What could be the solution for such cultural discontinuity? Answers may be found in the studies of education policies adopted by development organisations in developing countries; these policies have often held children back by immersing them into a system of western schooling that does not take account of their own culture. Western models of early child development have often been imposed in the name of “best practice”, without considering that what might be best practice for one culture might not be best practice for another. The studies that have been carried out suggest several solutions, several of which have already been adopted: these include integrating local teaching methods into curricula, and understanding that early child development requires a contextual approach prioritizing cultural factors.
Such an approach was adopted at Keshena Primary School on the Menominee Indian Reservation in Northeastern Wisconsin in the development of a new curriculum for its Native American children. The teachers, in conjunction with academics, chose to focus on a method of teaching known as “whole language teaching”: an integrated curriculum where content area subjects are taught around a theme without separating the different areas. The school held a meeting for tribal members to discuss what values they thought should be emphasised in a curriculum, out of which three values came out: respect for elders, each other, and surroundings; traditional tribal values; and the problem of high absenteeism. It was decided that the theme would be “Mother Earth”, so all curriculum planning was done with this central theme in mind.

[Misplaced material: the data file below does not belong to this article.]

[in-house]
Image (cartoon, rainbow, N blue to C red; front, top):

From this central theme several broad topics were identified, each of which was then fleshed out into narrower topics. In order to promote greater community involvement, which was seen to promote children’s appreciation of their own culture, younger children were taught tribal legends they had been taught in kindergarten, and elderly tribal members were invited to act as unofficial “grandparents” to the children.
Going forward, it is this type of culturally-sensitive teaching that needs to be adopted. This approach would not only benefit children of ethnic minorities, but for children of all backgrounds, and for the society as a whole. Schools are one of the few places within a community that can build both bonding and bridging capital, and if children are taught about the importance both of integration, and of respect for other cultures, from a young age, there is no doubt that the wider community will benefit. Similarly, more and more children are growing up expecting and needing, to be “global citizens” – a curriculum that simply reinforces an independent culture, without exploring other ways of learning, thinking, and being, leaves all children worse off, and under-prepared for life in our increasingly integrated, connected, and global world.
Joe Mansour is a history graduate from the north of England. He loves travelling and experiencing different cultures, and it is this that informs most of his work. He is interested in British and US politics, global inequality, and structural barriers to social mobility, and seeks to use his knowledge of history to inform his understanding of current affairs and events. In the future, he wants to go into journalism or public policy, using his writing raise awareness of the problems of inequality societies around the world face.
Cover image: Penn State under a CC BY-NC 2.0 Generic Creative Commons license